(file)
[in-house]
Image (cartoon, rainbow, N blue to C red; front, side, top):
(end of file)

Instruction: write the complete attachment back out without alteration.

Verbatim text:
[in-house]
Image (cartoon, rainbow, N blue to C red; front, side, top):